Sunday, November 11, 2012

The threatened ash tree

click photo to enlarge
The sea that separates the British Isles from continental Europe is generally thought of, by the inhabitants of these islands at least, as a blessing, a defensive moat that kept Napoleon and Hitler at bay, has stopped rabies from becoming widespread here, and prevents European integrationism from too deeply affecting our idiosyncratic ways. However, a longer view must also record how, when the ice ages covered our islands in glaciers, sending the wildlife south to escape its deadly touch, the thaw that followed and the North Sea and English Channel that it created and which separated our islands from Europe, also prevented the return of many plants and animals. Thus, fallow deer were present before the last glaciation, but did not return after it, the present herds all being introduced animals. As many school children used to know, the adder made it back to England, Scotland and Wales, but it wasn't St Patrick who banished it from Ireland, but rather the inundation that became the Irish Sea prevented it reaching that country.

However, in these days of regular international and inter-continental travel, when goods are shipped around the world with barely a thought, and when companies source products from whoever can provide them at the lowest price, the narrow stretch of sea that was once seen as a formidable barrier, is today a mere ditch that can be stepped across at will. Ash dieback disease, the Chalara fraxinea fungus that was first seen in Eastern Europe twenty years ago, which has spread rapidly across the continent, badly affecting the ash trees of Germany, France and elsewhere, and has affected 90% of Danish ash trees, is now spreading in Britain. There is some debate over whether it was brought in solely on imported saplings or whether it also arrived on the wind from across the narrow North Sea. But, it seems widely agreed that it is here, it can't be eradicated, only slowed in its progress, and it will have a major effect on our hedgerows and woodlands, as well as on the wildlife that favours this particular species. Current thinking suggests that the best course of action is to leave trees to die naturally, to identify those individual trees that seem to be resistant, and to begin a breeding programme to produce new plants from them.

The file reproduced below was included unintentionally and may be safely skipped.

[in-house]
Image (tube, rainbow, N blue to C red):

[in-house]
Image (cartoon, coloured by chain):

This depressing business was on my mind as I processed today's photograph. I didn't notice when I took the shot, but it features a young ash tree. Five and half percent of British woodland trees are ash, but 12 million grow elsewhere, particularly in hedgerows. It is the second most commonly seen individual tree (after the oak). I read that in Lincolnshire and East Yorkshire combined the ash accounts for 40 percent of the trees. A loss of such magnitudes would be devastating nationally and locally.

photograph and text © Tony Boughen

Camera: Canon
Mode: Aperture Priority
Focal Length: 45mm
F No: f7.1
Shutter Speed: 1/800
ISO: 100
Exposure Compensation:  -1.33 EV
Image Stabilisation: On